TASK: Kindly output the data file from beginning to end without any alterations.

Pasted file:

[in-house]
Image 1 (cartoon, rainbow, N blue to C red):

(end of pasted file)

[in-house]
Image 1 (cartoon, rainbow, N blue to C red):